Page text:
In defense of the (farmer’s) market

Markets work. We know they work because we see market forces used to make just about every decision by any person on a given day.

Whether you know it or not, your decisions are fueled by some economy of scale.

Furthermore, when we’re allowed to make choices for ourselves, not based on the interference of government, the consumer is able to dictate to the company what it wants, not the other way around.

I happen to know one of the key cogs in the Occupy movement. We speak relatively regularly on the subject. He insists that corporate interests and government disenfranchise your power in the markets because you can’t compete.

Your pockets are much smaller than theirs.

To some extent that’s true. The deeper your pockets, the bigger influence you have on the market place.

On the other hand, any producer of goods is beholden to his consumers. For instance, several years ago, Wal-Mart began selling organic dairy products like Stonyfield Farms yogurt and others.

It wasn’t because of some dramatic moral epiphany, but rather a reaction to market forces.

They admitted publicly that the reason they stopped carrying milk with certain hormones was because people weren’t buying it.

This is Wal-Mart we’re talking about. Not Whole Foods.

The people shopping at Wal-Mart don’t have deep pockets, yet a group of people, shaped by a growing movement in this country toward more local, responsible and organic companies caused even the poorest among us to shift the market.

If you haven’t read Michael Pollan’s book In Defense of Food, you ought to. In the book, Pollan, one of the country’s biggest advocates for decentralizing and desubsidizing our food supply, explains the dire need to remove the subsidies on corn in order to make healthy food more affordable than junk food.

Health shouldn’t be a political issue. Food, on the other hand, is big business.

As Pollan notes, the government spends billions of dollars to subsidize portions of our economy. That isn’t a shocking revelation, we knew that already.

But what is shocking is that the government has subsidized corn, for instance, to the point where producers can buy corn at below cost, essentially also subsidizing every product corn is used in.

The problem is that many of the products containing corn products are exceedingly bad for us. The average family though, can afford the McDonald’s cheeseburger with corn-fed beef more than it can a head of broccoli (If you’ve seen the movie Food Inc. you know exactly what I’m talking about).

The U.S. Government spent about $3.5 billion last year on corn subsidies.

For what? It doesn’t help growers keep the cost down. No, it helps McDonald’s and Tyson and the the multinational corporations who support our food industry, perpetuating and literally subsidizing the obesity epidemic in this country.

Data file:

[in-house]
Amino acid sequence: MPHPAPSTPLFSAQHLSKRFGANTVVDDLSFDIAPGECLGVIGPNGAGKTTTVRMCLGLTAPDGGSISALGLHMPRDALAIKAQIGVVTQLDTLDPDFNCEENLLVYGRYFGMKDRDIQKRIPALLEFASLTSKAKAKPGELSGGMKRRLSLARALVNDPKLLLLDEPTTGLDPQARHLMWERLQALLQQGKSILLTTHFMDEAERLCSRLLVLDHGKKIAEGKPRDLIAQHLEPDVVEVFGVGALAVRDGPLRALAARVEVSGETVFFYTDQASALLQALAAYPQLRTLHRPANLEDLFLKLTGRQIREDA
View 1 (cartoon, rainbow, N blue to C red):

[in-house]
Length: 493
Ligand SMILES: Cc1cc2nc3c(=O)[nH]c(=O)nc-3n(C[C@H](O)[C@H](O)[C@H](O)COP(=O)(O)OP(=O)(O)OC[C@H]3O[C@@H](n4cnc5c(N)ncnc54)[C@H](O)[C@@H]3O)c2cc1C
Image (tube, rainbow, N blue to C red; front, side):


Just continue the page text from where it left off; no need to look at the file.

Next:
Without getting too high on my soapbox regarding healthy eating, this illustrates the government’s propensity to interfere with market forces.

Corn, in the market place, has an inherent value. If it weren’t subsidized, beef producers wouldn’t shovel into the mouths of their livestock (the biggest factor contributing to e coli in cows) and down our throats in just about every product we consume.

The same is true for oil companies, on whom the government spends about $10 billion.

If the government didn’t subsidize oil, we’d find alternatives because products like gas for our cars and machinery would just be too expensive.

The market, when left to the consumers, innovates. Subsidies encourage stagnation and waste.

That’s fine for Democrats, since waste is practically a platform of liberals, a byproduct of a system encouraging the selection of winners and losers.

But for people who care about sustaining this nation, this planet,  the government can’t spend $13 billion on corporate interests when they’re harming the vast majority of people.

A right to sustenance, to food, is a basic human right. The government has no reason to interfere with our ability as a people to dictate what we eat.

Sure, people have the right to eat at McDonald’s, but people choose to eat there because it’s fast and cheap. It wouldn’t be so cheap if the government weren’t making sure of it.

Democrats in Congress should be applauded for having the intestinal fortitude to try and end oil subsidies (a group of Democratic Representatives brought forward the bill). On the other hand, the bill passed the Republican-controlled House, yet failed in the Democrat-controlled Senate.

While it may be true that the end of subsidies would raise gas prices, that is the point. The price of gas in other countries is significantly higher because they don’t subsidize it like we do.

Legislators (particularly conservative Republicans), who opposed that bill to protect the consumers, are either disingenuous about their reasons for voting or ignorant to the reality of power consumers have.

None of us, no matter how rich, have enough money to work against the market forces of government coffers (Congress borrows the money to pay for those subsidies because, as you may have heard, we’re broke).

By removing subsidies, the government would be giving to each of us additional freedom, offering more power to even the poorest of our citizens.

Stop using so much gas and either the price will drop or oil companies will find another way to make money. Without government interference, each of us gains power because there aren’t billions in government dollars (which were taken from you anyway) to suppress our voice.

Our power.

Every day you exercise that power. We all vote with our wallets, not matter how much or how little we have in them.

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